Educators Focus on Charter Schools at PPE InstituteBy Jill Anderson
As charter schools come to the fore in the national education debate, 69 charter school educators attended the Ed School’s Programs in Professional Education institute, Charter Schools: Practices for High Performance, in July with the goal of developing skills and strategies to build capacity and improve student outcomes.
The four-day leadership development program drew on the expertise and research of Harvard faculty and leading practitioners in framing the challenges faced by charter schools and their school communities while also addressing the larger state-level policy environment. During a concluding session of the institute, the educators contemplated whether the changing political landscape could help to eliminate the misperceptions long faced by charter schools. “We’ve never had a moment like this before,” said Nelson Smith, president of the National Alliance for Public Charter Schools, who led the session called, Obama and Charters: Are We Ready for Lift-Off? “You have a federal [leadership team] talking about charter schools without any prompting from us.”
Recently President Barack Obama discussed plans to expand funding available to charter schools, and U.S. Secretary of Education Arne Duncan has voiced his support and encouraged states to open more charter schools. Changes are also occurring at the state level. In Massachusetts, for instance, Governor Deval Patrick and Boston Mayor Tom Menino recently announced the proposal of new state laws in favor of opening more charter schools and expanding the schools’ power.
Today there are 4,600 charter schools in the United States, Smith said, noting that the number could rise to 5,000 as early as September. As waiting lists at charter schools continue to grow nationally, the educators shared stories of how local politicians expressed interest in their children or family members having an opportunity to attend their schools. Smith wondered aloud to the educators at the session if the apparent federal push – also seen in several states — signifies that charter schools finally have lift-off. While many of the participants remain hopeful that this is the case, they also recognize the continued difficulty of dealing with two separate entities when managing charter schools. “It’s not so much confusion but exhaustion in keeping up with the state and federal requirements,” said one educator from Texas. “I think a line should be drawn from serving two masters.”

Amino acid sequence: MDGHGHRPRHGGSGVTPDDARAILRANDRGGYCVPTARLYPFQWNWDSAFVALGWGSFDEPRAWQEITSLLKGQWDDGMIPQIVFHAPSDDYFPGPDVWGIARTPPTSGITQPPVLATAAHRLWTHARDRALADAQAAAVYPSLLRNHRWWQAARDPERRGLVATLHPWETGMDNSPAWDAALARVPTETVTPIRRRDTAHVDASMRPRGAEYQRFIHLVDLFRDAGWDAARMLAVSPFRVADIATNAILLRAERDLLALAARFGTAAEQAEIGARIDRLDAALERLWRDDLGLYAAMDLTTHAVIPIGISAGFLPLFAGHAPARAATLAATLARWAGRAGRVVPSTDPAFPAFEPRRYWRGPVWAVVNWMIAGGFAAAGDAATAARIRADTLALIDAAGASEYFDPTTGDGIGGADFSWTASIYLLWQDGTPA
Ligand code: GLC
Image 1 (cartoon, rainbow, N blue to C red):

Smith urged the educators to have conversations locally and at the state level. “Begin every one of those conversations with ‘Charter schools are public schools,’” Smith said explaining that it is important for people to understand that charter schools are there to serve all students and, as is the case with all public schools, exist to educate students effectively.
As for whether the political landscape showed any promise of change among charter school nationally, Jean Wallace, CEO of the Green Woods Charter School in Philadelphia, remained unsure. “I think all politics are local,” she said, noting that unfortunately the federal government needs to follow up any push with funding at the state level. “I’d like to see us work together better because then there can be a change.”
Regardless of whether a change occurs politically for charter schools, one thing the institute promised is change among its participants. Professor Kay Merseth, faculty chair of the institute, encouraged participants to write three things they will take with them, including two things to start right away, on an index card to be exchanged with a fellow participant. Merseth then asked each to follow-up in a few months to make sure everyone was putting their goals into action. “This is hard work, but we are not going to give up on you,” Merseth said. “You can do the work!”